Let’s initialize a resource query from the menu:

We’ll use the characters table from our Shakespeare database. We’ll simply select all the data, including all the table fields.

Let’s run that query to ensure that it works!

6. Display the query’s data

Now that we have a working query, we need to feed it into a component. Given that we did a generic SELECT query, we’ll use a UI table to display the data in spreadsheet format. Conveniently, there’s a Retool prebuilt component made for this task:

After dragging a Table component into the center of the canvas, it will automatically display the data with the columns mapped. You can customize the table using the options in the right-hand column.

Next, let’s do a bit of housekeeping and set the table name. This is important so that we can easily recognize it in our future queries.

7. Set up an action query

Displaying data is great—but being able to change that data is exciting. We’ll accomplish this with another query that does a write action. For starters, let’s add a trash can delete button to each row entry to easily delete data!

First, we’ll need to set up the query that tells the database to delete the selected row. Thankfully, this is easy by using the prebuilt selectedRow feature on Retool, which enables us to write a WHERE clause to ensure we’re deleting the right row, identified via the id field.

Next, we’ll use Retool’s built-in Actions list to set up an action button. We’ll connect this Action button with the query we just created—because you end up selecting the row when clicking on the button, the Delete feature will work seamlessly:

And just like that, we have our first read-write component in our Postgres GUI.

8. Editing a table with a bulk update query

Revisiting the comparison we made in the last section, deleting data is cool, but editing data is powerful! And there are plenty of reasons to edit data—to fix mistakes, answer customer service tickets, or other maintenance tasks such as marking an order entity as fulfilled.

The first step of editing data is a bulk update query. A bulk update query is a special query that updates multiple rows of data in a provided array of id database objects.

If you’re using Retool, just create a new query, name it, and set the Action type to Bulk update via a primary key. Then, set the Primary key to id and the array of records to update to your table’s changesetArray (e.g. {{Characters_Table.changesetArray}}). This is a Retool-managed array that tracks all the changes to a table.

Now, we have a bulk edit query! Next, we need to set the relevant columns that we want to be editable as (...wait for it…) editable in Retool. This is easy to do using the three-dot menu.

After setting the right columns to editable, we need to connect the query to changes to the table. This is easy to do by creating a Save actions trigger on Add-ons.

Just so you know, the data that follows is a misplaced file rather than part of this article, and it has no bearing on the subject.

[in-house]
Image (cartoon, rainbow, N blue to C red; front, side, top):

We then simply set it to run the UpdateCharacter query we just wrote.

And voilà! We can now edit (multiple) table entries and those changes will write to the database.

9. Adding a new record

The last major item to make our Retool app the ultimate Postgres GUI is a feature to add a new row. We can make this happen with two user interface components—a text box to set the new row’s ID and a button to create the row.

First, we create a new Button component. (Head right back to the Components menu we used to make our Table component.)

We can give it some text like Add New Entry.

Next, we add a Text Input component. (Back to that Components menu again!)

We’ll give this a proper name so it’s easy to reference, and an accurate label, such as “New Row ID”:

Next, we’ll create another query. We’ll set the table to the character’s table, the action type to inserting a record, and the changeset a single value for the id set to the newRowID.value.

Now when you click on the button, it adds a blank row with the id set to whatever the textbox is. Of course, this will only work if the Postgres table has default values. If it doesn’t have default values, we could assign the default values to empty strings in the query’s Changeset section.

But this only makes the change to the Postgres table, not the local table! We can fix thisby setting CharactersQuery to fire on the InsertCharacter’s success:

Finally, to make our app a little easier to use, we can add another success handler that wipes our input field of the previous ID, given that it’s already been used!

And just like that, the field’s reset.

What’s next?

We can reapply these techniques to other database tables—even all of them—but chances are good that only certain tables in the database deserve this level of attention. Others may be more dormant or may only need read access.

Regardless, the world is your oyster when you create a Postgres GUI. For me, using Retool makes it exceptionally easy to create UI components, rig them to actions, and make dynamic SQL queries to my Postgres database. Using a mixture of Retool’s GUI queries and raw SQL, you can accomplish just about anything efficiently.

Ready to get building a Postgres GUI? Get started. Looking for a template for a Postgres admin panel instead? Check that out here.


Mathew Pregasen
Mathew Pregasen
Guest Writer
Feb 23, 2024